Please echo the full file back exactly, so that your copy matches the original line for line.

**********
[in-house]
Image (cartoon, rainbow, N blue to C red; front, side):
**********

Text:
[in-house]
Image (cartoon, rainbow, N blue to C red; front, side):